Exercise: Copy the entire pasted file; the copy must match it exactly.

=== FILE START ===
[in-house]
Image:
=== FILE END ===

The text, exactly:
[in-house]
Image: